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    $\begingroup$ Yeah, the production part is the major contribution to the CO2 footprint of plastic. Consensus is to lower plastic production and raise recycling rates. ciel.org/plasticandclimate. Plastics from plant material iopscience.iop.org/article/10.1088/1748-9326/aa60a7 can be done, but e.g. crop production for biofuels has lead to monoculture with all its downsides. $\endgroup$
    – user18607
    Jan 28, 2020 at 11:11
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    $\begingroup$ +1 for the insight that plastic's carbon was already sequestered before we dug it up! The bit about Bakelite is interesting, I have fond memories... $\endgroup$
    – uhoh
    Jan 29, 2020 at 0:44
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    $\begingroup$ @uhoh: the smell of hot phenolic resin / bakelite is something you don't forget! $\endgroup$
    – user18801
    Jan 29, 2020 at 11:09
  • $\begingroup$ I've edited my question to make clear my assumption: that all oil will eventually be dug up. (Although I hope this is not also true of coal). In other words, if it's not used for plastics then it'll be used for transport. Dunno if other people share this pessimistic belief. $\endgroup$
    – Tim Cooper
    Jan 30, 2020 at 0:35

Plastic waste is a problem already and it is growing quickly. Huge rafts of plastic flood the ocean, they end up in the foodchain, killing huge numbers of animals, even endangering species, and human health. With ocean deoxygenation coming into view and the sheer amount of plastic being produced (as @tfb pointed out by releasing CO2) and little recycling taking place, the suggestion to deliberately use one way products to eventually sequester CO2 must be regarded as not sustainable as long as plastic production is fossil fuel based, little recycling takes place and the disposal poses such huge risks.

IOW: this is not a good idea.

Edit: one can further search man-made soils, effects of landfills from waste disposal, and their impact on fresh water, farming, health, etc. as well as the carbon footprint of plastic production. There is work on these subjects.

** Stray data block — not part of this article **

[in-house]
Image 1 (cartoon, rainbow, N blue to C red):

• $\begingroup$ I did say "Stringent efforts should be made to ensure the plastic is not burnt and is kept out of the marine environment." I think banning single-use plastics makes more sense in Indonesia than Australia because Australia can ensure good management of waste and Indonesia can't. $\endgroup$
    – Tim Cooper
    Jan 30, 2020 at 0:36

tib is absolutely right in what he says, but damage to the environment and more specifically to wildlife is another reason for greatly reducing our use of plastics made from fossil hydrocarbons. Those made from biological sources are better, but have their disadvantages too. Some biodegradable plastic bags, for instance, biodegrade while the contents are still in them if you don't use them straight away.

The worst damage is done when the plastic gets into the ocean. Turtles and other marine creatures mistake plastic bags for jellyfish and swallow them. Seabirds occasionally feed them to their young or incorporate plastic items in their nests which entangle their young. Other creatures such as dolphins,sharks and turtles become entangled in plastic rope or fishing nets, and die of suffocation.

Plastic bottles are among the worst forms of plastic pollution. The sheer number of them is staggering. Tap water is quite healthy; we don't need to go around all day sipping water from plastic bottles as though we were afraid of drying out like a slug on a hot pavement. Then there is the problem of plastic micro-particles produced by the breakdown of larger items. It has yet to be established exactly how harmful these micro-particles are, but they enter the human food chain when we eat sea food.

The best biodegradable bags are made of paper, so we should return to much greater use of paper bags. I know trees have to be cut down to make paper, but done properly the forest or plantation will eventually regenerate. Packaging of all sorts is usually too lavish, and needs to be reduced.

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    $\begingroup$ This answer seems to have very little to do with the question. $\endgroup$ Jan 28, 2020 at 13:22
  • $\begingroup$ I did originally say: "Stringent efforts should be made to ensure the plastic is not burnt and is kept out of the marine environment." $\endgroup$
    – Tim Cooper
    Jan 30, 2020 at 0:39